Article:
Where Do We Go From Here?

As we move from a pandemic phase to an endemic one, the U.S. economy continues to be surprisingly resilient. However, It’s no secret that the national economy is suffering some tension due to a variety of unexpected global supply chain stresses. The printing and graphic communications industries are not immune to this, and we are experiencing our own unique supply chain issues as well.

Paper production for printing, amid the digital revolution, has been experiencing slow declines for years. Last year, however, in a post 2020 environment, it became clear that paper mills had severely underestimated the demand for paper. Unfortunately, ramping production back up was not as simple as initially thought, and has been complicated by a variety of compounded factors that include:

  1. Lumber Shortages and Forest Industry Competition: Demand for all types of wood-based materials is high, and the paper industry is competing for raw materials with other adjacent forest product industries – including construction. As anyone who has recently attempted to purchase plywood or other wood-related building materials can attest, the costs are soaring.
  1. Demand for Paper is Outpacing Supply: Economic recovery has been much more robust, post-pandemic, than many had anticipated, including many paper manufacturers, who made long-term inventory and staffing level decisions months ago based on a more pessimistic outlook – an outlook which never came to pass.
  1. Transportation Challenges: Ports of entry are struggling with congested backlogs. Crude oil prices and container prices have also increased, and delays and pricing continue to increase rapidly. With these and other challenges facing international shipping, such as labor shortages, paper shipments coming in from overseas are taking longer and are more expensive. In fact, according to PPPC data from Fastmarkets RISI, 30% of North American coated paper is now imported (an all-time high). Understandably, what paper that is available will now increasingly cost more.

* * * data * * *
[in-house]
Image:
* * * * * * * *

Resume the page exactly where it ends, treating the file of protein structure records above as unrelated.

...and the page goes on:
“What we’re experiencing now is a perfect storm – global supply chain issues continue to have an impact on paper, North American capacity has been taken out or converted to other products and the ever-present labor shortage continues to affect production. The hope is that supply will be more stable and predictable Q2 of 2023, but depending on world market conditions and geo-political situations, a tight supply chain may continue.

A few idled paper machines have come back online, but no new capacity is expected. In the meantime, planning and forecasting is paramount in the current paper supply environment.”

Mike Davoran
Vice President/Regional Manager, Millcraft

The pandemic exposed numerous global supply shortcomings for all industries. Becoming a shared experience for everyone, the ramifications for the printing industry, however, have become particularly discernible. Here are a few recommendations on how we can all prepare to mitigate the supply chain issues:

  1. Proactive Diligence and Control: Graphic Village will continue to work diligently to ensure that paper and ink needed to produce your items are in stock whenever possible. We will continue to work with our suppliers to control input costs to the maximum degree possible.
  1. Forecast Your Demand for Paper: Having a solid understanding of your print buying patterns puts us in a stronger position as we survey the paper landscape for resources and supply. Forecasting allows us to increase inventory levels on core items and proactively negotiate with suppliers.
  1. Be Flexible and Order Early: Good communication with us, combined with early ordering, will help prepare you for market fluctuations. If your favorite paper stock isn’t available, consider accepting a stock of another weight, finish, or hue. The situation is temporary — be patient. Your favorite substrates will return.

We are hopeful that the supply chain issues will begin to resolve next year. In the meantime, let’s hang in there together. Through patience, collaboration, forecasting and proactive inventory control, we will be able to help soften any additional economic impacts, or even help you pivot entirely in order to avoid unexpected obstacles.